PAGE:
Average deal cycles or deal lengths are an important part of modelling revenue, and are often one of the more difficult parts to actively model within a spreadsheet.
Deal cycles are important however as they represent the time it takes for opporutnity to turn into revenue. If this period of time increases, it means that revenue can arrive later than originally planned, and if making big changes to targeting that results in big changes to deal cycles, it can work to cause revenue feasts or famines.
Deal cycles are essentially the time it takes for a deal to close as a won deal, from a defined sales stage (such as opportunity). When working with deal cycles and opportunity conversion & volumes, it's key that definitions remain consistent.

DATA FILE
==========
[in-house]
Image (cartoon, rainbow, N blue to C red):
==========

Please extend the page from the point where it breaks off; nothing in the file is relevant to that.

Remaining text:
Modelling how many stage 2 opportunities will turn into revenue and when.
You would need to know:
Volume of stage 2 opportunities
Average Stage 2 - Close Conversion rate
Average time from Stage 2 - Close
These definitions can shift (especially in the case of MQL or SQL) and so need to be kept tight.
Calculating the average deal cycle is pretty simple - Take the close won date and the date at which an opportunity hit the correct stage and calculate the difference.
Then, add all and divide by the number of opportunities to find out the average.
Your average can then be used to give a fairer representation of your deal cycles across your models - You should however still pay attention to the upper and lower bounds as they can both throw out your average through being outliers, but can also be used for scenario testing to understand what would happen if deals on average trended more towards a different deal length.
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